Kenneth Arrow, Nobel prize winning economist, passed away February 21, 2017 at the age of 95 at his home near Stanford University where he was Professor Emeritus. He was the youngest person ever to win the Nobel prize. Dr. Arrow made many academic contributions, but chief among them was his Impossibility Theorem. [Read more…]
Profits Can Stay In State, Provide Local Funding
Alarmed by the corruption and greed of Wall Street, many US cities and states are studying the feasibility of establishing public banks. Public banks are owned by cities, states or other jurisdictions and serve to keep funds local instead of being deposited on Wall Street. The funds are then used to support local economic activities like small business loans and student loans.
Washington state has already cut its ties with Wells Fargo because they funded DAPL. Now they want to get rid of Wall Street as a place to park their money making use of the local economy and profiting the people of Washington instead of the bankers of Wall Street. Bills were introduced on January 18 in both the House and Senate of the Washington State Legislature that add Washington to the growing number of states now actively moving to create public banking facilities. [Read more…]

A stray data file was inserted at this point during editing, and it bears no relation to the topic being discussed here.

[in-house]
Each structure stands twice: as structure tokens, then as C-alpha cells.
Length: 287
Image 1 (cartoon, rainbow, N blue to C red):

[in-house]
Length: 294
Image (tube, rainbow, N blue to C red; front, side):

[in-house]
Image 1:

By Murtaza Baxamusa / UrbDeZine
Having invested a billion and a half dollars of public funds in downtown redevelopment, it is worth asking if it helped or hindered in solving the affordable housing crisis that San Diego faces. From the catalytic start of downtown’s boom with the construction of the ballpark to the unceremonious demise of tax increment financing under Governor Brown, there has been a lot of change.
Census data shows that from 2000 to 2015, downtown’s housing stock doubled. About half of downtown’s current stock of 25 thousand housing units has been built during this time frame. About 5 thousand renter-occupied housing units were added to the stock. Of the total housing stock almost 18 percent (over 4 thousand units) are vacant, compared to 9 percent vacancy back in 2000. This indicates a greater share of investor-owned units or second homes that are not occupied. [Read more…]
By Dan Bacher / Daily Kos
On February 17, California Public Employees’ Retirement System (CalPERS) officials announced they are joining over 100 fellow investors asking major U.S. and international banks backing the Dakota Access Pipeline (DAPL) to address the concerns of the Standing Rock Sioux Tribe of North Dakota.